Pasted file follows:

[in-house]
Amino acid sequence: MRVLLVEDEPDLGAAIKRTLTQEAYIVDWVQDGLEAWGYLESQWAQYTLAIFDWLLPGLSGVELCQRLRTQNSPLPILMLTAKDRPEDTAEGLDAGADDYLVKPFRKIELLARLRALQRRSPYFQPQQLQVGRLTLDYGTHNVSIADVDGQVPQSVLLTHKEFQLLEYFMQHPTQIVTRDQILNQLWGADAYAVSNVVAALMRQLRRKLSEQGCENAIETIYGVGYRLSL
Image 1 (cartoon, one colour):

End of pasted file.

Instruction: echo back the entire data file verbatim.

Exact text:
[in-house]
Amino acid sequence: MRVLLVEDEPDLGAAIKRTLTQEAYIVDWVQDGLEAWGYLESQWAQYTLAIFDWLLPGLSGVELCQRLRTQNSPLPILMLTAKDRPEDTAEGLDAGADDYLVKPFRKIELLARLRALQRRSPYFQPQQLQVGRLTLDYGTHNVSIADVDGQVPQSVLLTHKEFQLLEYFMQHPTQIVTRDQILNQLWGADAYAVSNVVAALMRQLRRKLSEQGCENAIETIYGVGYRLSL
Image 1 (cartoon, one colour):